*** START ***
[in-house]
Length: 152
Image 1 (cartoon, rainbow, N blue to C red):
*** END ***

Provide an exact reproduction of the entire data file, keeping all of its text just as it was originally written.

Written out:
[in-house]
Length: 152
Image 1 (cartoon, rainbow, N blue to C red):